Horror as man’s remains never found after he falls into shredder | UK | News

December 16, 2023
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A man fell into a machine designed for shredding wood and commercial waste at Timmins Waste Services (TWS) in Wolverhampton.

Tragically, 29-year-old David Willis’ remains were never found.

Now a man has been sent to prison after the incident on September 15, 2018.

The company responsible Timmins Waste Services (TWS) was fined £400,000. Manager, Brian Timmins, 54, had been operating the machine which should have been switched off while work was being carried out.

The company and manager were found guilty of corporate manslaughter and manslaughter respectively last week after a trial at Wolverhampton Crown Court.

Judge Mr Justice Jacobs said: “This was an accident waiting to happen.”

He added: “The family’s lives have been forever blighted by what would often be called an industrial accident. But the word accident sometimes conveys the idea that what happened was bad luck.

“In the present case, however, the accident and Dave’s death was the result of the wholesale neglect of a proper approach to health and safety at Timmins Waste, and a complete disregard both by Brian Timmins and the company of their duty to exercise reasonable care to keep employees such as David Willis safe at work.”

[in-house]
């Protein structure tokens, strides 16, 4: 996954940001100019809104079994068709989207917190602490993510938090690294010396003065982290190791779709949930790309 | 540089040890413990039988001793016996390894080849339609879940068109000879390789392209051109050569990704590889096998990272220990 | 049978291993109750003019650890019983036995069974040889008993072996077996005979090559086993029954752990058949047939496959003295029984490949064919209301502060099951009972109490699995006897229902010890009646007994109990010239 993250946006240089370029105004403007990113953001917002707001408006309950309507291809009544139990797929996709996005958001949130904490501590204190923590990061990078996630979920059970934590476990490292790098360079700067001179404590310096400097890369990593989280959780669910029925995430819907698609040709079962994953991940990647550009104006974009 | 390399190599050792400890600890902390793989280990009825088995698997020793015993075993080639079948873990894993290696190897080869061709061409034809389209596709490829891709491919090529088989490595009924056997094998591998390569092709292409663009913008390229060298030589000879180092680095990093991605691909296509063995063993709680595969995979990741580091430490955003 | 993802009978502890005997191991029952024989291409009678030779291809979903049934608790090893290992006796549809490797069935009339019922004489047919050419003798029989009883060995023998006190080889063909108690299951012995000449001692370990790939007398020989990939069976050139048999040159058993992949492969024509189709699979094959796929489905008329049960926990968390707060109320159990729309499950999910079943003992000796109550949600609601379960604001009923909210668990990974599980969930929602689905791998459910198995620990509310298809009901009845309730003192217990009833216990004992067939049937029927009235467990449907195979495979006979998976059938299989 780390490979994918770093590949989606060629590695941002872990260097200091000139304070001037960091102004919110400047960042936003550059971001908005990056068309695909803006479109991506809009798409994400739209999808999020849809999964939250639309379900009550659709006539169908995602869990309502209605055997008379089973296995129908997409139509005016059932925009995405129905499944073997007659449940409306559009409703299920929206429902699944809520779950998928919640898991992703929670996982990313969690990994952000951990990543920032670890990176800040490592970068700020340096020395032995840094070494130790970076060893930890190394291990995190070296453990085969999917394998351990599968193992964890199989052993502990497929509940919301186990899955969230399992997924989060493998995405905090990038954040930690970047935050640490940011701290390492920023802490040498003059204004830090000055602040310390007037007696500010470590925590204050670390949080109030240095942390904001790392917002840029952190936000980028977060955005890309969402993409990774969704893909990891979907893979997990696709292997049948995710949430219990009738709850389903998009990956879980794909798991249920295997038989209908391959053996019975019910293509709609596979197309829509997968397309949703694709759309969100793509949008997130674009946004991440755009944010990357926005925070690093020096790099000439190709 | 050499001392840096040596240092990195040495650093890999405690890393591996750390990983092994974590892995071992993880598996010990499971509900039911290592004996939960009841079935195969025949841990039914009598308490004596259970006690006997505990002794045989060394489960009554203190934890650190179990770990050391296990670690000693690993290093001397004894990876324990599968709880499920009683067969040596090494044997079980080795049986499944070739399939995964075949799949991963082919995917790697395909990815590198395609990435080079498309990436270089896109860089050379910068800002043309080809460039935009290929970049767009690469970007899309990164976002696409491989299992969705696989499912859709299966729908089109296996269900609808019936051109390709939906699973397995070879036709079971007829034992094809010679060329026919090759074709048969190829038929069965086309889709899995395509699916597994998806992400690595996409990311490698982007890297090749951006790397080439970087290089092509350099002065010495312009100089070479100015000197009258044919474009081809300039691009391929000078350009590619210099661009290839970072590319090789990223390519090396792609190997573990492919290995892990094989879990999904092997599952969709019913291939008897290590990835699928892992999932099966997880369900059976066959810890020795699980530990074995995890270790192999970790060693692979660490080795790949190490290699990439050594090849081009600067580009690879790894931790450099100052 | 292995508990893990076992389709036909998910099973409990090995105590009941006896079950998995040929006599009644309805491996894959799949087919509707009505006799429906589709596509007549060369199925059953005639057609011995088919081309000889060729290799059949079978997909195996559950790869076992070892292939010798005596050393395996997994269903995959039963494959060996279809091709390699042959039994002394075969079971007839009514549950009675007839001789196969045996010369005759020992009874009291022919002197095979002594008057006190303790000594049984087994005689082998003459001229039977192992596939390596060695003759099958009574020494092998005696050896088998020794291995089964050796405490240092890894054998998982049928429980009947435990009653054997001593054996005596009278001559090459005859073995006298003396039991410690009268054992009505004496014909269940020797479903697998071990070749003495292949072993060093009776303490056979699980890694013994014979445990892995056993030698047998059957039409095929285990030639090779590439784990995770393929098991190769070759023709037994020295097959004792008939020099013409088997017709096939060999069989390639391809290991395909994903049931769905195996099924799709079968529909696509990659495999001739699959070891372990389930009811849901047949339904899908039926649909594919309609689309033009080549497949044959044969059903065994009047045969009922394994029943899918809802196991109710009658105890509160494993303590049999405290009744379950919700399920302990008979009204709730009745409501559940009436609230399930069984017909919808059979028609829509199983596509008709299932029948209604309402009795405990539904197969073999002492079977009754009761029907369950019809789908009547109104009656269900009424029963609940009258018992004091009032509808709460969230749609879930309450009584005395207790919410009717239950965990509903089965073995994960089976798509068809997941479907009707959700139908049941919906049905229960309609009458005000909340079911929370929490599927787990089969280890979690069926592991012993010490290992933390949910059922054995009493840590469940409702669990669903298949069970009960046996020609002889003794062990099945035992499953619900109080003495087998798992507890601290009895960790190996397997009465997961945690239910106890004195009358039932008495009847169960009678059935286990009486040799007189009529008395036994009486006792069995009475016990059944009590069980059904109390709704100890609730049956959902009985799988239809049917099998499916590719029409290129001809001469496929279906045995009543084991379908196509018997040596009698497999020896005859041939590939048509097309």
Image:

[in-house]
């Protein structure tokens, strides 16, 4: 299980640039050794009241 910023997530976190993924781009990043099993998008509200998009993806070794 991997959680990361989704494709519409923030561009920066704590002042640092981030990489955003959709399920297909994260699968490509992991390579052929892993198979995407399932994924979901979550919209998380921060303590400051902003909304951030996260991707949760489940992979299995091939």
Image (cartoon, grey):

On the day of Mr Willis’s death, Timmins of Shropshire, had been operating the shredder when it stopped “abruptly”.

After investigating the machine, he used a digger to lift Mr Willis on top and inside to investigate, but CCTV evidence showed the machine was still operational when it should have been turned off.

Later Timmins continued to operate the shredder and the next day other employees helped dispose of 80 tonnes of recycled waste by taking it to a landfill site in Cannock, Staffordshire, which would have included the remains of Mr Willis.

Mr Willis’ body has still never been found, nearly 5 years later.

The only thing found belonging to Mr Willis was his coat near the shredder, which linked with CCTV from the site, showed that he had been killed.

Timmins only reported the incident to police on Monday, September 17.

Police only became aware of an issue when Mr Willis’ mother Caroline, reported him missing after he failed to come home from work.

The judge ruled Brian Timmins had shown “blatant disregard for a very high risk of death” and if he had checked correctly, “David Willis would still be alive.”



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